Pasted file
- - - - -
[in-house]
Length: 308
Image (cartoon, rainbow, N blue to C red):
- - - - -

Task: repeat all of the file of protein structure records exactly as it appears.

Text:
[in-house]
Length: 308
Image (cartoon, rainbow, N blue to C red):